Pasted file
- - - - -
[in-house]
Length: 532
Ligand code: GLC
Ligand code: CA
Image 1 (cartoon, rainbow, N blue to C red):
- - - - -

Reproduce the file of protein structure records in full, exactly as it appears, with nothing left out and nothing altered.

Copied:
[in-house]
Length: 532
Ligand code: GLC
Ligand code: CA
Image 1 (cartoon, rainbow, N blue to C red):